By Topic

Performance and implementation of dynamic frequency hopping in limited-bandwidth cellular systems

Sign In

Cookies must be enabled to login.After enabling cookies , please use refresh or reload or ctrl+f5 on the browser for the login options.

Formats Non-Member Member
$31 $13
Learn how you can qualify for the best price for this item!
Become an IEEE Member or Subscribe to
IEEE Xplore for exclusive pricing!
close button

puzzle piece

IEEE membership options for an individual and IEEE Xplore subscriptions for an organization offer the most affordable access to essential journal articles, conference papers, standards, eBooks, and eLearning courses.

Learn more about:

IEEE membership

IEEE Xplore subscriptions

2 Author(s)
Kostic, Z. ; AT&T Labs.-Res., Middletown, NJ, USA ; Sollenberger, N.

We evaluate the performance of a previously proposed dynamic frequency hopping (DFH) when applied to cellular systems with a limited total bandwidth. We also illustrate a practical implementation for DFH deployment using network-assisted resource allocation (NARA). The performance evaluation is accomplished by system-level simulations of a system with 12 carriers and 1/1 frequency reuse, based on the EDGE-Compact specification. Voice-only circuit-switched operation is assumed. The fading channel, multicell interference, voice activity, and antenna sectorization are modeled. We present the performance of dynamic frequency hopping compared to random frequency hopping and fixed channel assignment by showing the distributions of the word error rates. The sensitivity to occupancy, Rayleigh fading assumptions, number of carriers, voice activity, and measurement errors are studied. We also compare the uplink and downlink performance. The results indicate that DFH can significantly improve the performance compared to random frequency hopping. For example, at a 2 % frame error rate with 90% coverage, the capacity improvement of DFH is almost 100% when compared with fixed channel assignment, and about 50% when compared to random frequency hopping. The amount of improvement for the uplink direction is smaller than the improvement for the downlink direction, especially for higher occupancies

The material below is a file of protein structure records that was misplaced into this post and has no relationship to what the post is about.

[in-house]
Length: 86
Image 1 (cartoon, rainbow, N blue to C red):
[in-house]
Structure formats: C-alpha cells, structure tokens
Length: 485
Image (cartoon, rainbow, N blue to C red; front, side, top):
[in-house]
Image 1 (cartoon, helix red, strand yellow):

Published in:

Wireless Communications, IEEE Transactions on  (Volume:1 ,  Issue: 1 )